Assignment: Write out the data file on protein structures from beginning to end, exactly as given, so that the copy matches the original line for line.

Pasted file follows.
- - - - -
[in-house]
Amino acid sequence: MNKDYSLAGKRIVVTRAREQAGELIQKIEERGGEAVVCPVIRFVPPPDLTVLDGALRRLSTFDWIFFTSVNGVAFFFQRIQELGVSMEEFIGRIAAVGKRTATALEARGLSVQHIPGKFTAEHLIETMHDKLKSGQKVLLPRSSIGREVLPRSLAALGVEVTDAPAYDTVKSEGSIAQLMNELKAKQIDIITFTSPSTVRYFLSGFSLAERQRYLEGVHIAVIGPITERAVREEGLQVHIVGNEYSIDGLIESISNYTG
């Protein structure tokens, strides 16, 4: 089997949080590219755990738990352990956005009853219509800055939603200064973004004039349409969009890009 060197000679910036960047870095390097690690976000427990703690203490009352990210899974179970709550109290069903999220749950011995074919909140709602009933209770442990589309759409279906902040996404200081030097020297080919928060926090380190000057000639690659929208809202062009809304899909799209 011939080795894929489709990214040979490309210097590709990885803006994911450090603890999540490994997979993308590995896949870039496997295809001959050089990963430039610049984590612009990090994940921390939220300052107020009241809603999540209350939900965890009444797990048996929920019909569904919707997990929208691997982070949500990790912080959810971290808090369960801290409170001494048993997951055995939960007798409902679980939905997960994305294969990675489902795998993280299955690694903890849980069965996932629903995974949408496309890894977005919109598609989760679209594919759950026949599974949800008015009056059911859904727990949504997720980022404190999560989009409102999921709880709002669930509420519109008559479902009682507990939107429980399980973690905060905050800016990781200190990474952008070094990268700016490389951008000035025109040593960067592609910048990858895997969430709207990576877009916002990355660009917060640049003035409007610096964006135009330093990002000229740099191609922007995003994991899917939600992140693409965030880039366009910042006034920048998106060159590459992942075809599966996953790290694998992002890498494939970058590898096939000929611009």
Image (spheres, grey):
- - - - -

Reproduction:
[in-house]
Amino acid sequence: MNKDYSLAGKRIVVTRAREQAGELIQKIEERGGEAVVCPVIRFVPPPDLTVLDGALRRLSTFDWIFFTSVNGVAFFFQRIQELGVSMEEFIGRIAAVGKRTATALEARGLSVQHIPGKFTAEHLIETMHDKLKSGQKVLLPRSSIGREVLPRSLAALGVEVTDAPAYDTVKSEGSIAQLMNELKAKQIDIITFTSPSTVRYFLSGFSLAERQRYLEGVHIAVIGPITERAVREEGLQVHIVGNEYSIDGLIESISNYTG
């Protein structure tokens, strides 16, 4: 089997949080590219755990738990352990956005009853219509800055939603200064973004004039349409969009890009 060197000679910036960047870095390097690690976000427990703690203490009352990210899974179970709550109290069903999220749950011995074919909140709602009933209770442990589309759409279906902040996404200081030097020297080919928060926090380190000057000639690659929208809202062009809304899909799209 011939080795894929489709990214040979490309210097590709990885803006994911450090603890999540490994997979993308590995896949870039496997295809001959050089990963430039610049984590612009990090994940921390939220300052107020009241809603999540209350939900965890009444797990048996929920019909569904919707997990929208691997982070949500990790912080959810971290808090369960801290409170001494048993997951055995939960007798409902679980939905997960994305294969990675489902795998993280299955690694903890849980069965996932629903995974949408496309890894977005919109598609989760679209594919759950026949599974949800008015009056059911859904727990949504997720980022404190999560989009409102999921709880709002669930509420519109008559479902009682507990939107429980399980973690905060905050800016990781200190990474952008070094990268700016490389951008000035025109040593960067592609910048990858895997969430709207990576877009916002990355660009917060640049003035409007610096964006135009330093990002000229740099191609922007995003994991899917939600992140693409965030880039366009910042006034920048998106060159590459992942075809599966996953790290694998992002890498494939970058590898096939000929611009």
Image (spheres, grey):